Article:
18 May 2010

Upcoming Eclipse DemoCamp

Proud Dirty HandsAfter all the work I put into last year's DemoCamp, I promised myself I wouldn't organise another one in the near future. Well, it didn't work out like that. Michael persuaded me to organise another one. So, the second Vienna Eclipse DemoCamp will be at the end of June.

Show Me Code - No Slides - No Suits ;-)
We plan to have a different style this year and want to create a more in depth and personal experience. Instead of fancy slides we want to do some live coding, guided by the presenter's vast knowledge of the topic. Hopefully things will run as smoothly as they did last year.

7 May 2010

Custom PMD Rules

Cure PMDLast month I submitted my fourth article from the 'Code Cop' series. After Daily Build, Daily Code Analysis and Automated Testing I wrote about checking architecture rules. One approach described there used PMD. In case you don't know what PMD is, it's a static code analysis tool for Java. It was first developed in 2002 and is updated regularly. It checks the abstract syntax tree (AST) of Java code. (PMD is a great tool. You should definitely use it!)

PMD vs. AST (I just love TLAs)
PMD comes with many predefined rules. Some of them are real life-savers, e.g. EmptyCatchBlock. It's possible to define your own rules. The easiest way to do this is to use XPath expressions to match patterns in the AST. For example, the following trivial class
package org.codecop.myapp.db;

import java.sql.Connection;

public class DBSearch {
...
}
is represented inside PMD by the following AST
+ PackageDeclaration
| + Name:org.codecop.myapp.db
+ ImportDeclaration
| + Name:java.sql.Connection
+ TypeDeclaration
+ ClassOrInterfaceDeclaration:DBSearch
+ ClassOrInterfaceBody
+ ...
An XPath expression to find imports from the java.sql package looks like
//ImportDeclaration[starts-with(Name/@Image, 'java.sql.')]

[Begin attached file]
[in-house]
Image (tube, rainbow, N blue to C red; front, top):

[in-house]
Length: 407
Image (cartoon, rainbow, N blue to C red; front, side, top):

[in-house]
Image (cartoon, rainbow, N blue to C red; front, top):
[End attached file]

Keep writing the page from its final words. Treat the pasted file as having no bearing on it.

It is quite simple (at least when you are familiar with XPath ;-) For further details read the PMD XPath Rule Tutorial.

I've always been enthusiastic about static code analysis and PMD in particular and have been using it successfully since 2004. (For example see my very first presentation on static code analysis with PMD.) I love it; It's a great tool. I have created several custom rules to enforce consistent coding conventions and to prevent bad coding practices. Today I am going to share some of these rules with you in this post.

First Rule
One common bug is public boolean equals(MyClass o) instead of public boolean equals(Object o) which shows that the developer is trying (and failing) to override the equals(Object) method of Object in MyClass. It will work correctly when invoked directly with a MyClass instance but will fail otherwise, e.g. when used inside collections. Such suspiciously close (but still different) equals methods are matched by
//ClassDeclaration//MethodDeclarator
[@Image = 'equals']
[count(FormalParameters/*)=1]
[not ( FormalParameters//Type/Name[
@Image='Object' or @Image='java.lang.Object' ] ) ]
A Copy is just a CopyThis rule explained in plain English matches all the method declarations that are named equals, and have one parameter which type is neither Object nor java.lang.Object. (Object is mentioned twice because PMD analyses the source and therefore can't know about simple and full qualified class names.) Later, Tom included this SuspiciousEqualsMethodName rule into PMD's default set of rules.

Copy and Paste
The easiest way to define your own rule is to take an existing one and tweak it. Like SuspiciousEqualsMethodName was derived from SuspiciousHashcodeMethodName, the next JumbledIterator is quite similar to JumbledIncrementer. (JumbledIterator was created by Richard Beitelmair, one of my colleagues who appointed me "Code Cop" and presented me with my first Code Cop T-shirt.) So what's wrong with the following line?